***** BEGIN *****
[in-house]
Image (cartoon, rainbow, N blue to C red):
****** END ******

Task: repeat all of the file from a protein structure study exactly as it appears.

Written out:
[in-house]
Image (cartoon, rainbow, N blue to C red):